Limb-girdle muscular dystrophy (LGMD) is also known as or subsumes Limb-girdle dystrophy. -ed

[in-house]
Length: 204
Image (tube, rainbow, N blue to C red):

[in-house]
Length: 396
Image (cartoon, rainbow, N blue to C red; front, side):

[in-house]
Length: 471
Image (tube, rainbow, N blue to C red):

The previously wastebasket term “limb girdle muscular dystrophy” has been transformed into a multitude of specific, genetically defined disorders. Defects are found in diverse cellular components including extracellular matrix, cell membrane and associated proteins (sarcoglycans, caveolin-3, dysferlin, integrins), cellular enzymes (calpain-3), organelle or sarcomere function (telethonin, myotilin, titin), and nuclear envelope (lamins). The group is separated into autosomal recessive and dominant forms. Numerous allelic associations have been made with several gene products. Discovery of the cause of many genes has led to scientific advances in the understanding of muscle function and will hopefully lead to treatment options. Testing for many forms is available on a commercial or research laboratory basis. Dr. Louis H. Weimer from Columbia University College of Physicians & Surgeons discusses current clinical and scientific knowledge of this rapidly evolving field.